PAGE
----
That’s when I use it. And the ironing—I get a bit puffy doing my ironing. That’s when I use it. And I find, you know, sometimes in the evening I’m a bit breathless, so I use it then.

[uh huh]

Cos I’ve got a home oxygen and I’ve also got bottled ones.

Oh okay. So is the home oxygen thing that generates…

It’s in my bedroom.

…that generates it’s own oxygen?

Yeah.

But it’s not something you can carry about, is it?

No [laugh].

No.

No it’s about that wide, about that high, but I have got bottles as well.

Right.

That you can carry about.

Okay they can’t be terribly…

But they’re a bit heavy.

Yeah, they can’t be awfully big if you can carry it around.

No, no, but they are heavy all the same.

Yes. So do you have those delivered regularly?

When I need them.

How do you go about ordering them then?

Just phone them up. I’ve got, I’ve got the oxygen lady number. 

Right.

So just phone them up and say, ‘Could I…’, you know.

Okay.

And I find if I want to go away, which I did do last year with my friend, I find that the oxygen people will deliver it wherever I am going.

Fantastic.

So that’s handy.

Yeah. 

 

Rose used a box with just one compartment per day and said she knew which pills to take in the morning and which at night by their appearance.

Rose used a box with just one compartment per day and said she knew which pills to take in the morning and which at night by their appearance.

SHOW TEXT VERSION
PRINT TRANSCRIPT

Do you have any clever ways of remembering to take all those tablets at the right times? Do you ever forget?

No. [Points to dosette box]

[ah ha] Lovely. Very pretty dosette box.

Yes. And there is only one that I have to take at night, well two. There’s amitriptyline and another one I have to take at night. There’s only two I have to take at night.

Ok, the rest in the morning.

And the rest in the morning.

Yeah. So those compartments are just one per day, yeah, one compartment per day?

Yeah.

So how do you know which ones to take at night?

Because there’s only the one left in it.

Ok, so you know when you look at them, by what they look like, which ones are the morning ones and which ones are the evening ones.

Yeah. I take them all, all in the morning and just one at night. And I know which one I’ve got to take at night, so I leaves it in there.

Yeah

And my amitriptyline I take.

 

Rose weighs herself just before her monthly visit from the community heart failure nurse so she can tell her the measurement.

Rose weighs herself just before her monthly visit from the community heart failure nurse so she can tell her the measurement.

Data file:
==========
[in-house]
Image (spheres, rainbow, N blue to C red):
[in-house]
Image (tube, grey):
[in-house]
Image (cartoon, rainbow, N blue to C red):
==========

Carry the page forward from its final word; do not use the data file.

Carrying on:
SHOW TEXT VERSION
PRINT TRANSCRIPT

Does she [community heart failure nurse] weigh you? 

No, she leaves me to tell her what my weight is.

Oh ok, so how often do you weigh yourself? 

Oh about once a month.

So just before her visit?

Yeah [laugh]

Yeah.

Then we work out whether it is going up or whether it is going down.

And is it fairly stable or…?

Yeah, yeah. 

 

Rose and her friend pay to hire mobility scooters to get around the local town; she thinks she may need one of her own in future.

Rose and her friend pay to hire mobility scooters to get around the local town; she thinks she may need one of her own in future.

SHOW TEXT VERSION
PRINT TRANSCRIPT

You know, at least I can get out when I’m on a good day I go to my friend’s. We go to [town] and we hire these motor scooters and we get around town like that ‘cos there is no way I could walk around the town and nor could she. You know.

They are free though aren’t they?

No.

No?

No you have to pay £15 for a year and then on top of that every time you use one you pay a pound.

Oh, ok.

That’s, that’s in [town] a proper mobility.

Right

They all act different ways, you know. In [another town] you can go in and have one and pay whatever you like.

Oh really?

Yeah, so lots of difference between them.

I think later on in life I might need a scooter, mobility scooter, but I think that’s a bit further on yet.

Yeah.

Cos I don’t want to get one now because it’d like make me lazy.

Right

And I don’t want to do that. You know, if I can walk I’ll walk even if I have to stop half a dozen times wherever I am going.

Yeah

You know.

Previous Page
Next Page